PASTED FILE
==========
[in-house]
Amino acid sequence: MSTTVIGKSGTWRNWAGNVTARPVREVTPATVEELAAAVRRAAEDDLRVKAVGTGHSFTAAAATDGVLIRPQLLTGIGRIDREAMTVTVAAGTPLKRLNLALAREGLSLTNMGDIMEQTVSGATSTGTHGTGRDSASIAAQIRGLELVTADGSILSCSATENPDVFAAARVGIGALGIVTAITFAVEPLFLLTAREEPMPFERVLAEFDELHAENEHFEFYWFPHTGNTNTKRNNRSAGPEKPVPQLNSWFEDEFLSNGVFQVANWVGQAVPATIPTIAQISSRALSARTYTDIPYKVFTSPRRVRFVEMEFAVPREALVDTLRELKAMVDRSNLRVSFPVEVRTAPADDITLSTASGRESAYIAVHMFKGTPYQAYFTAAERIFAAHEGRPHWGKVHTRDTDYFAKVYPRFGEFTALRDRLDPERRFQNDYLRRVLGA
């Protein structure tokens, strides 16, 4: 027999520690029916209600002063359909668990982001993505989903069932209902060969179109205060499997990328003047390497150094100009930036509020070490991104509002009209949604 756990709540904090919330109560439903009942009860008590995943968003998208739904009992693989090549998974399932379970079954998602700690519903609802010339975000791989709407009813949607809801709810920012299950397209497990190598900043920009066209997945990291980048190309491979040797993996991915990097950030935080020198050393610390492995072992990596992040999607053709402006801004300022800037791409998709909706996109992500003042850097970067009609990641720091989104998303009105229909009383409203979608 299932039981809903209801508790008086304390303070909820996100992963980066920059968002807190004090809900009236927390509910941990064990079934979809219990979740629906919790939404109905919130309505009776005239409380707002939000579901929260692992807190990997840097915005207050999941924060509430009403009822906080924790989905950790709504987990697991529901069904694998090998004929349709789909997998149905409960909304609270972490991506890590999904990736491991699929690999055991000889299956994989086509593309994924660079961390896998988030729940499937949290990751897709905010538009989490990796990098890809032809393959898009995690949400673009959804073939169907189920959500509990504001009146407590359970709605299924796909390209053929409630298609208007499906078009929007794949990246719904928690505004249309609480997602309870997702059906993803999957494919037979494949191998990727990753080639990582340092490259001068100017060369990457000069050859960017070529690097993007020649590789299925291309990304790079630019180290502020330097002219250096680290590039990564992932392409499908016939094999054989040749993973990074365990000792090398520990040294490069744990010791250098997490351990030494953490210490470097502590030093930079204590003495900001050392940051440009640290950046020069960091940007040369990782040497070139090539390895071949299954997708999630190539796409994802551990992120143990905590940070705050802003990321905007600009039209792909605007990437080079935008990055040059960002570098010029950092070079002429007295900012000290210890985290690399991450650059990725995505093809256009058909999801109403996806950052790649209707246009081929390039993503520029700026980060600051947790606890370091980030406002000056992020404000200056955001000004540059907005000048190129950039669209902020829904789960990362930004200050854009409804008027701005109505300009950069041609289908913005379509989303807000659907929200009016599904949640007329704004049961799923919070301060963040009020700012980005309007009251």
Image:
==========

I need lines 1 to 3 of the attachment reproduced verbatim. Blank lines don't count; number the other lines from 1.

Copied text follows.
[in-house]
Amino acid sequence: MSTTVIGKSGTWRNWAGNVTARPVREVTPATVEELAAAVRRAAEDDLRVKAVGTGHSFTAAAATDGVLIRPQLLTGIGRIDREAMTVTVAAGTPLKRLNLALAREGLSLTNMGDIMEQTVSGATSTGTHGTGRDSASIAAQIRGLELVTADGSILSCSATENPDVFAAARVGIGALGIVTAITFAVEPLFLLTAREEPMPFERVLAEFDELHAENEHFEFYWFPHTGNTNTKRNNRSAGPEKPVPQLNSWFEDEFLSNGVFQVANWVGQAVPATIPTIAQISSRALSARTYTDIPYKVFTSPRRVRFVEMEFAVPREALVDTLRELKAMVDRSNLRVSFPVEVRTAPADDITLSTASGRESAYIAVHMFKGTPYQAYFTAAERIFAAHEGRPHWGKVHTRDTDYFAKVYPRFGEFTALRDRLDPERRFQNDYLRRVLGA
């Protein structure tokens, strides 16, 4: 027999520690029916209600002063359909668990982001993505989903069932209902060969179109205060499997990328003047390497150094100009930036509020070490991104509002009209949604 756990709540904090919330109560439903009942009860008590995943968003998208739904009992693989090549998974399932379970079954998602700690519903609802010339975000791989709407009813949607809801709810920012299950397209497990190598900043920009066209997945990291980048190309491979040797993996991915990097950030935080020198050393610390492995072992990596992040999607053709402006801004300022800037791409998709909706996109992500003042850097970067009609990641720091989104998303009105229909009383409203979608 299932039981809903209801508790008086304390303070909820996100992963980066920059968002807190004090809900009236927390509910941990064990079934979809219990979740629906919790939404109905919130309505009776005239409380707002939000579901929260692992807190990997840097915005207050999941924060509430009403009822906080924790989905950790709504987990697991529901069904694998090998004929349709789909997998149905409960909304609270972490991506890590999904990736491991699929690999055991000889299956994989086509593309994924660079961390896998988030729940499937949290990751897709905010538009989490990796990098890809032809393959898009995690949400673009959804073939169907189920959500509990504001009146407590359970709605299924796909390209053929409630298609208007499906078009929007794949990246719904928690505004249309609480997602309870997702059906993803999957494919037979494949191998990727990753080639990582340092490259001068100017060369990457000069050859960017070529690097993007020649590789299925291309990304790079630019180290502020330097002219250096680290590039990564992932392409499908016939094999054989040749993973990074365990000792090398520990040294490069744990010791250098997490351990030494953490210490470097502590030093930079204590003495900001050392940051440009640290950046020069960091940007040369990782040497070139090539390895071949299954997708999630190539796409994802551990992120143990905590940070705050802003990321905007600009039209792909605007990437080079935008990055040059960002570098010029950092070079002429007295900012000290210890985290690399991450650059990725995505093809256009058909999801109403996806950052790649209707246009081929390039993503520029700026980060600051947790606890370091980030406002000056992020404000200056955001000004540059907005000048190129950039669209902020829904789960990362930004200050854009409804008027701005109505300009950069041609289908913005379509989303807000659907929200009016599904949640007329704004049961799923919070301060963040009020700012980005309007009251």